Tail Wagging

Kenyon Sayler

A POPULAR REFRAIN is that we shouldn’t let the tax tail wag the investment dog. I struggle with this one.

Currently, 87% of our stock portfolio is in broad-based, low-cost index mutual funds, with the other 13% in individual stocks. I prefer the index funds—and yet I continue to hold the individual stocks because I don’t want to pay the taxes on our gains.

About 6.7% of our total stock portfolio, equal to half our money in individual stocks, is in my former employer’s shares, which I received as part of my compensation. Over the years, I’ve worked diligently to keep our holdings below 10%.

Our next largest individual holding is Target Corp., at about 2.8%. When my wife picked me up from work on Oct. 19, 1987, all of the news was about the stock market. The Dow Jones Industrial Average had crashed 22.6%. On the drive home, I asked my wife what she thought we should do. She promptly replied, “Buy Dayton Hudson.”

Dayton Hudson was our local department store. Its major division was its Target discount stores. Being a young couple, we shopped at Target, so the next day I bought 100 shares of Dayton Hudson. The department stores are long gone, but Target lives on.

Between our initial purchase and reinvested dividends, our cost basis is now $13.80 a share. Yesterday’s closing price was $149.36 (symbol: TGT), almost an 11-fold increase. Although I’d like to unload the stock and put the money in an index fund, the thought of paying the taxes—even at the long-term capital gains rate—has kept us from selling.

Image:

Our third largest holding is McDonald’s, representing about 2.5% of our portfolio. In late 1981, I bought a single share of McDonald’s and enrolled in its dividend reinvestment plan. That gave me the ability not only to reinvest the dividends in additional shares, but also to send McDonald’s money to buy more stock. For many years, I purchased $50 of McDonald’s stock every quarter. As my salary grew, the amount I invested also grew, eventually reaching $150 a quarter. Our cost basis today is the equivalent of $51.80 a share. Yesterday’s close was $252.42 (MCD), almost a fivefold increase. Again, I have a hard time selling the shares and paying the long-term capital gains taxes.

We own three other individual stocks, each less than 1% of our assets, but each showing nice gains. So, what am I doing?

I sold some of my employer’s shares that were showing a loss. I also sold all of our Novartis stock, which had “only” doubled in price. The loss offset the gains, so the trades didn’t increase our tax bill. I’ll use the proceeds from the sales to buy more of our index funds. That’s a small step toward eliminating the individual stocks in our portfolio.

I’m not sure that I’ll ever sell the Target and McDonald’s shares, and trigger long-term capital gains taxes. My plan right now is to die holding them, and let my children inherit them at a stepped-up basis. They can then sell them and invest the proceeds in a well-diversified portfolio.

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